Demand For A Trump Special Counsel Filed; Legal Clock Starts Ticking

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Demand For A Trump Special Counsel Filed; Legal Clock Starts Ticking
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Demand For A Trump Special Counsel Filed; Legal Clock Starts Ticking; His Run For President Creates An “Irreconcilable Conflict of Interest” With AG

Legal Demand For A Trump Special Counsel

WASHINGTON, D.C., (November 15, 2022) – A formal legal demand for the appointment of a special counsel to oversee all the current federal investigations and possible prosecutions of former president Donald Trump has been filed with the Justice Department.

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Because Trump's announced decision to run for president in 2024 creates just the irreconcilable conflict of interest designed to trigger such an appointment, says public interest law professor John Banzhaf.

Since this appears to be the first formal “written application” or “other request” for such an appointment which has actually been filed, it starts the legal clock ticking.

If the appointment is not made, Section 555 of the Administrative Procedure Act [5 U.S. Code § 555] requires the Department of Justice to "provide prompt notice," as well as a "brief statement of the grounds for denial," [emphasis added]

Banzhaf's earlier legal demands helped lead to the appointment of two special prosecutors to investigate former president Richard Nixon, and to a court order for the appointment of an independent counsel to investigate Debategate.

His more recent filing accusing the former president of various crimes triggered a criminal investigation of Trump and some of his associates by a special grand jury in Fulton Country, Georgia.

A federal regulation, which creates a binding legal obligation upon the Attorney General unless and until modified in accordance with the required legal procedures, mandates the appointment of a special counsel if a criminal proceeding would "present a conflict of interest for the Department" or if "it would be in the public interest."

The regulation, 28 CFR § 600.1, requires such an appointment where there is a conflict of interest, and uses the word "will" - rather than "shall," "should," or "may" - in order to make the mandatory nature of the legal obligation abundantly clear; one where the Attorney General legally has no discretion, explains the law professor.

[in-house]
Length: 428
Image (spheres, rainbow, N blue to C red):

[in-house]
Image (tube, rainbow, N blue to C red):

Conflict Of Interest

The irreconcilable conflict of interest occurs because President Joe Biden, through his Attorney General Merrick Garland, can and does control the investigation and possible criminal prosecution of his chief rival for the 2024-28 presidency.

In the same way that former President Richard Nixon was able to control an investigation of his subordinates in a dramatic event which came to be known as the Saturday Night Massacre.

Indeed, it was that very similar irreconcilable conflict of interest which led to the legally required appointments of numerous special prosecutors - later also called "independent counsels" or now "special counsels."

Also, Biden could use his prosecutorial authority through Garland to force Trump to accept a plea deal in which he agrees to drop out of the presidential race in return for not being prosecuted, or for a slap-on-the-wrist penalty; as former vice president Spiro Agnew was forced to do when he was investigated and prosecuted in a similar conflict of interest situation by a major political rival.

Moreover, Garland himself, in addition to Biden, is in a conflict of interest position himself, since he would almost certainly be fired if Trump becomes president; something Garland could help prevent from happening by continuing to vigorously investigate, and ultimately prosecute, the former president.

The demand document also notes that "a continuing refusal to follow the clear and unambiguous mandate of 28 CFR § 600.1 to appoint a special counsel would provide a very strong argument to quash any indictment and/or reverse any conviction of Trump.

Which might be obtained with a prosecution conducted by the Department of Justice; a result which would further devastate an already divided and very suspicious country, even to the point of possibly causing violence if a judge were to rule that a conviction of Trump had been obtained only by violating the law."

The appointment of a special counsel to conduct all federal criminal cases involving Trump might temporarily delay the investigations, but it would help assure millions of Americans convinced that Trump is being treated unfairly - fears recently rekindled by Garland's decision to raid Trump's Mar-a-Lago residence.

Rather than rely upon a subpoena or further negotiations to retrieve documents - that vital prosecutorial decisions will no longer be made by a person who would almost certainly be fired if Trump's bid for the presidency isn't derailed by further investigations and/or prosecutions, argues Banzhaf.

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